Employee Law Help offers assistance to Native workers experiencing racial discrimination
FLAGSTAFF, Ariz. — Native American workers who experience racial discrimination in the workplace have steps they can take to hold their employer accountable, according to Employment Law Help, an independent organization which provides information on employee rights.
“You have a legal right to work without being harassed or discriminated against,” said Outreach Specialist Cendy Moliere. “If your employer is discriminating against you or tolerating discrimination or bullying against you, you can file a complaint against your employer with the Equal Employment Opportunity Commission.”
Title IV of the Federal Civil Rights Act says that employers cannot discriminate against employees because of their race, sex, place of birth or religion.
“Your employer is breaking a federal law by discriminating against you or allowing you be discriminated against in the workplace,” Moliere said.
The EEOC operates in every state and employees can file a complaint with the EEOC no matter what state they live or work in.
There are 44 states where the EEOC has a work share agreement. If an employee is in one of those states, the state will receive copies of all of the documents submitted and the state will investigate the employer also.
What are examples of racial discrimination that Native Americans face?
Being passed over for raises or promotions
If you are not getting regular raises but other employees are that’s discrimination. And if your coworkers are given the chance to be promoted, but you have never been given the opportunity for a promotion that could be discrimination.
Hourly workers who are subjected to last minute schedule changes, switched shifts, or having their hours cut are being discriminated against. Weaponizing your schedule is discrimination.
Racial slurs, offensive imagery, or racially charged language
If you are being bullied or harassed at work that’s discrimination. If your coworkers use racial slurs or talk in demeaning or prejudiced ways about Native Americans, that’s discrimination. If you are being targeted for bullying because you are Native American, that’s discrimination.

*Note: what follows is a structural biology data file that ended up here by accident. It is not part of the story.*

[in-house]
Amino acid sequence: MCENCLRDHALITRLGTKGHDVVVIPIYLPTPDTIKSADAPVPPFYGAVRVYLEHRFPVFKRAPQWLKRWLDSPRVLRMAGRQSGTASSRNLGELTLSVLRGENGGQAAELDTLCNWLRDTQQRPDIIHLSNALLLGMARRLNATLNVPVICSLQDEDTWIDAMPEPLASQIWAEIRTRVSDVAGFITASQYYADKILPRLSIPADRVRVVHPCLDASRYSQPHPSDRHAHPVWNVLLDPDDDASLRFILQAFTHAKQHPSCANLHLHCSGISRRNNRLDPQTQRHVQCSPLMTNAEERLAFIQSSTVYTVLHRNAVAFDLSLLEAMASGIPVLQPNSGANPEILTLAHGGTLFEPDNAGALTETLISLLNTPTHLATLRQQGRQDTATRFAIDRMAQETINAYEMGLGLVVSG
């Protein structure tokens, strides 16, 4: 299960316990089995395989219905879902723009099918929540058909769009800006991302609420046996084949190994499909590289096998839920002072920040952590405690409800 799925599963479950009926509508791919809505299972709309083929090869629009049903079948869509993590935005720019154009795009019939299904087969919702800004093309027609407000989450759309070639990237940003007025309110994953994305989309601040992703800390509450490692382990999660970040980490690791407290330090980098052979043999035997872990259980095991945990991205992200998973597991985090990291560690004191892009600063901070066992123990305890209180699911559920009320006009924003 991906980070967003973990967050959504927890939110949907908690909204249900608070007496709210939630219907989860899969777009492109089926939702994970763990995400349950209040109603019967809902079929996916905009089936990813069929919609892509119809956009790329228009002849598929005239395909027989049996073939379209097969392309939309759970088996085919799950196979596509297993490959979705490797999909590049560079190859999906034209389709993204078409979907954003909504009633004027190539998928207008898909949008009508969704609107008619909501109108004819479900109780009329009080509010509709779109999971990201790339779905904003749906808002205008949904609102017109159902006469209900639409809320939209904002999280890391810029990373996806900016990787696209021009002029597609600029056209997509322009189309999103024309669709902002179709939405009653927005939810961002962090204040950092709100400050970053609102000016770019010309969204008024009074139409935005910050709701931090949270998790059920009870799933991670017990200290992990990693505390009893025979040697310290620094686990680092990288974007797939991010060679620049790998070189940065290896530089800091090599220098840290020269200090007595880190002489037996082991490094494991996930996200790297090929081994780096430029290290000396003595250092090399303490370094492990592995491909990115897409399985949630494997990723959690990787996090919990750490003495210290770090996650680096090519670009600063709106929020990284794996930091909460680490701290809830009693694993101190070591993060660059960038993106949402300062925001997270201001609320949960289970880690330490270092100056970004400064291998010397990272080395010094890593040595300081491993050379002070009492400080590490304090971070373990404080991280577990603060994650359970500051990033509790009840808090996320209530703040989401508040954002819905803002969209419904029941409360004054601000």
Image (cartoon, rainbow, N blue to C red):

Paying some employees less than others
All of the employees at your workplace who are doing the same job should be paid the same salary. If you’re being paid less than other employees, that’s discrimination.
Next steps to take
Documenting what is going on is very important. Your bosses may not be aware of the discrimination that is happening to you.
Create a list of all the incidents of discrimination that you have experienced that includes the date and time of the event, who was involved, and what happened.
Also make copies of any evidence of the discrimination that you have like emails, screen shots of chats, or photos and videos of the things you’ve experienced.
Take copies of everything to your boss and explain what’s going on.
“Your boss should be horrified and want to help you,” Moliere said. “If your boss dismisses your concerns or won’t help you, then just go to the EEOC’s website and file a complaint.”
In Arizona, you can file a discrimination complaint with the Arizona Department of Economic Security. When you file a discrimination complaint on the state level in Arizona, it will be dually filed with the EEOC, that way you don’t have to file two complaints.
Remedies for racial discrimination
“If your employer is found to be engaging in or allowing discrimination you could be entitled to damages,” Moliere said. “You could be promoted. Or you could receive lump sums of money for lost wages and for pain and suffering.”
More information on Employment Law Help can be found at www.employmentlawhelp.org/ and more information about resources about employee rights can be found at the following links: www.eeoc.gov/; www.employmentlawhelp.org/discrimination/evidence-racial-discrimination; des.az.gov/how-do-i/file-discrimination-complaint and www.employmentlawhelp.org/discrimination/remedies-racial-discrimination